CW: breast cancer, death, infertility.
The opinions expressed in this piece are those of the writer and do not necessarily reflect those of The Hysteria Collective as a whole.
It is the one thing that you search for that you never want to find. A lump. Despite the devastating effects of breast cancer and the very hard decisions that many young people may have to make in the future, young people have been left out of the discourse surrounding the disease. Anyone with family members who have had breast cancer may be at risk of having the BRCA gene. This gene may cause you to be more likely to develop breast cancer and can change the path that your future will follow.
Watching adverts for cancer research is a different experience for me. My nan passed away from breast cancer when I was young and, due to my family’s medical history, it may be likely that I will test positive for the BRCA gene. 1 in 2 adults will get cancer in their lifetime. Most likely, the one will be me. Of course this worries me like it would for any human. But there is some level of acceptance to this. What worries me more is the fact that young people are removed from the conversation surrounding breast cancer.
Most young people who are diagnosed with breast cancer are self-diagnosed, normally after finding a lump. The lack of education for young people on how to check for lumps and the tests that one can take to prevent late diagnosis is worrying. Mammograms and blood tests can help find cancerous cells before they grow out of control. However, these are not available to most young people. Mammograms are not recommended for people under the age of 40 but regular ones are offered to younger adults if the person does test positive for the BRCA gene.
But how can we offer screening if we don’t frequently promote young people to take the test to identify the BRCA gene? Teaching young people about the importance of this test and how to check for lumps would help to reduce the mortality rate of breast cancer patients. It is common knowledge that the faster a cancerous lump is found, the more likely it is that the patient will be able to have it removed and will fully recover.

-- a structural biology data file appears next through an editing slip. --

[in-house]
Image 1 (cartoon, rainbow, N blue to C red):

If a young person is diagnosed with breast cancer, there are numerous decisions that will need to be made surrounding treatments and fertility. Some treatments for cancer can affect fertility and make it more difficult for the person to have children in the future. Planning for a family becomes even more important earlier on in a person’s life, giving them many difficult questions that need to be answered. Chemotherapy can often pause menstruation, cause early menopause or even make a person completely infertile. With the preservation of fertility often being extremely expensive, a young person’s options are severely limited. The idea of adopting can be daunting and it can be difficult for a couple to accept that they may never be able to have their own biological child. Educating young people about the treatments and changes to fertility may give people more time to weigh up their options.
Young people should be given access to the resources that could help save their lives. Mammograms, testing for the BRCA gene, and how to search for lumps should all be common knowledge for young people. However, adverts and information have been targeted at the middle aged population creating a conversation that removes young people from something that could prevent future emotional and physical trauma. Cancer is a difficult subject to approach but one that needs to be normalised.
It is so important to check your breasts regularly and educate ourselves about the signs of breast cancer.
Image courtesy of Victoria Strukovskaya.